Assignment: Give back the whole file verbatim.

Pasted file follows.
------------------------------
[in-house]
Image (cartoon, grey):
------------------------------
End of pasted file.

[in-house]
Image (cartoon, grey):